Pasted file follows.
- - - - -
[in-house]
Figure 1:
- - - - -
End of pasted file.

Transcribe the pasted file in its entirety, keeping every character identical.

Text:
[in-house]
Figure 1: